Melilla, Spain - It used to be mainly African migrants who would try to jump the fence into Melilla, the tiny Spanish enclave in the northeast of Morocco, as they sought passage to Europe through the Mediterranean port.
More recently they have been replaced by refugees from Syria, Iraq and other war-torn places - and there are hundreds of them.
In 2014, 6,000 asked for asylum in this Spanish enclave but in 2015 the number is expected to be higher.
At the end of their arduous journeys they arrive in the Moroccan city of Nador and face the six metre-high, triple-layered barbed-wire fences that surround Melilla, a "European fortress".
To get to the other side they must pay smugglers who help them avoid police controls because Moroccan authorities prevent them crossing and reaching the asylum office where they can seek help.
Women, children and men wander along the border crossing in Beni Enzar, looking for the best deal to take them through. Often families are unable to cross together and are forced to separate, some falling victim to smugglers who hold them hostage to guarantee payment. Some refugees arrive in Melilla using fake Moroccan passports for which they pay large sums.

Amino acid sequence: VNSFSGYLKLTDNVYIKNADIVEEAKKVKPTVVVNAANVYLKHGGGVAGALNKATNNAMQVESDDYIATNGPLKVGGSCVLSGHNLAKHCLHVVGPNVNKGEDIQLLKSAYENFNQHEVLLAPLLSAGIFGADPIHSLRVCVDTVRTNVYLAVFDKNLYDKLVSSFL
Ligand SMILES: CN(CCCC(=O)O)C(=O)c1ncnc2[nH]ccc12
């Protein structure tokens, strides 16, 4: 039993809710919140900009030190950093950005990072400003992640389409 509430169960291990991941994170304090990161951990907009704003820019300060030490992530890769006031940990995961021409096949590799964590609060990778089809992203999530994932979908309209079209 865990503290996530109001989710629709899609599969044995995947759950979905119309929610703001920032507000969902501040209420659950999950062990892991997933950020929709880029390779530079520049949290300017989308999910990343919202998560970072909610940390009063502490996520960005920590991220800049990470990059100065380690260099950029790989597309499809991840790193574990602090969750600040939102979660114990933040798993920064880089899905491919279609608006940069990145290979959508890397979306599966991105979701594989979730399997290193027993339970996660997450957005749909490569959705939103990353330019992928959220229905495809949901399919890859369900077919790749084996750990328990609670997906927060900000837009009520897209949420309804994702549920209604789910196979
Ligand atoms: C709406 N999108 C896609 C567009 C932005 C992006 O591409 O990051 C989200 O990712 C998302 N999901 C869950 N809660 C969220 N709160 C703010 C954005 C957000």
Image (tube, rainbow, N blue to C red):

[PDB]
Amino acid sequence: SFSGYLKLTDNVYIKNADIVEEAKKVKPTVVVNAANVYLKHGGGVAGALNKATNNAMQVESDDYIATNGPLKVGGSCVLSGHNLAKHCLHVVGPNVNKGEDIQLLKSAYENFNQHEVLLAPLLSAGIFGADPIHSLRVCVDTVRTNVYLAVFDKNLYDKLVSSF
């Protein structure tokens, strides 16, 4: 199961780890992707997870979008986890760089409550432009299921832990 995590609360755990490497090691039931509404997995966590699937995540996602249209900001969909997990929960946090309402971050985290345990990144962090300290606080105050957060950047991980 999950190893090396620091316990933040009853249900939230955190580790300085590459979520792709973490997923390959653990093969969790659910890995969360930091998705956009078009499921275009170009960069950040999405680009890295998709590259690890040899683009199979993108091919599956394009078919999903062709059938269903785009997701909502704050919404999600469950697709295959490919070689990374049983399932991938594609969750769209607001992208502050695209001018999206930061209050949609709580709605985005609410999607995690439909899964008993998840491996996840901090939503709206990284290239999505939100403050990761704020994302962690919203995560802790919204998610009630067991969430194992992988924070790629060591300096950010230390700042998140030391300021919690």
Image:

Working the border has become a lucrative business. Only those who can afford to pay a high price to the criminal networks will be able to cross.
Yet getting across the border is not the end of drama. Those who manage to enter Melilla arrive at a decrepit immigrant reception centre, the CETI. Here refugees are housed in a shelter designed for 660 adults, but which is houses 1,800 people, of whom 500 are children.
The refugees remain at CETI from one to four months. About 200 are transported to Malaga each Wednesday, as long as they can provide the correct paperwork.
Most plan to continue their journey onwards to northern Europe in search of a better life, conditions and peace.